Sunday, February 23, 2014

The Middle East Continues to Change

Amir Rapaport in a column on the ever-changing Middle East and the challenges facing the Israeli defense establishment
Reconnaissance Battalion Exercise in the Galilee (Photo: IDF) Reconnaissance Battalion Exercise in the Galilee (Photo: IDF)
Regional Status Picture: A regional status picture derived from the situation appraisal of the Israeli defense community for early 2014: Syria is still disintegrating, Lebanon is on the way to a civil war and disintegration and Iraq is already disintegrated. On the more optimistic side – Egypt is coming to its senses and the Egyptian Army consolidates its hold vis-à-vis the World Jihad elements in the Sinai and presses on with its struggle against Hamas in Gaza. Jordan is very stable. Hamas rules the Gaza Strip (almost) unchecked. What about the Palestinian Authority in the Judea and Samaria region? The level of violence there depends on the progress of the political negotiations (also).

Let’s begin with Syria: the first ships carrying Syrian chemical weapons have sailed recently, but it is still uncertain whether Assad will try to conceal some of the inventories he possesses. The agreement with the USA regarding the disarmament of chemical weapons has provided the Assad regime with an insurance policy of sorts, but contrary to the impression one may get from the world press, Assad is still far from deciding the outcome of the civil war in Syria. On the contrary, Assad continues to lose ground and call in Hezbollah reinforcements from Lebanon to assist him in the primary battles. The battles in Syria currently concentrate on the attempt by Assad’s military to establish territorial continuity between Damascus (parts of which have been captured by rebel forces) and the Alawi-dominated areas in north-eastern Syria. The areas bordering with Israel, on the Golan Heights, are mostly dominated by rebels of various factions, including World Jihad men who dominate the southern part of the Syrian Golan Heights.
The Syrian civil war is rapidly drifting into Lebanon. Car bombs and even rocket attacks against the Dahiya quarter, the Hezbollah stronghold in Beirut, are directly associated with Hassan Nasrallah’s support of Bashar Al-Assad. As far as Israel is concerned, these are not foreign news: the war in Lebanon is drifting into Israeli territory, too. For example, the rocket attack from Lebanon into Israel in December 2013 was carried out by a Jihad organization that attempted to provoke Israel into a confrontation with Hezbollah – a case of upside-down thinking. What about the Judea and Samaria region? The average level of violent activities is crawling upward, but the real test will take place in the spring, when the nine months allotted to the negotiations between Israel and the Palestinians come to an end. Will the negotiations be extended or will they be interrupted?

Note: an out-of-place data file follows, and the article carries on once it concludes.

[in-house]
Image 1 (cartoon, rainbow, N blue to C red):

In Israel and in the Palestinian Authority they have been busy recently consolidating their respective responses to the suggestions made by US Secretary of State John Kerry during his recent visits to the region. The Israeli defense community has already rejected the American suggestion to settle for Israeli presence at the border crossings in the Jordan Valley and rely on satellite and ground surveillance technology that would replace the physical presence on the ground. Israel’s previous defense minister, Ehud Barak, was willing to “consider” such ideas. The present Minister, Moshe (“Bogie”) Yaalon, has bluntly declined.
The Jihad Era: The elements responsible for most of the fire incidents in late 2013 and early 2014 (rockets attacks from the Sinai and the Gaza Strip against Israel, as well as the attacks along the borders with Syria and Lebanon) were organizations calling themselves ‘Salafist’ organizations. The Salafists are the most extreme of extremist Muslims. They totally reject progress and aspire to return to the days of the great Islamic Caliphate that existed after the age of Muhammad the Prophet. They advocate Jihad war against all infidels – Jews, Christians and even Muslims who do not follow the teachings of their sect.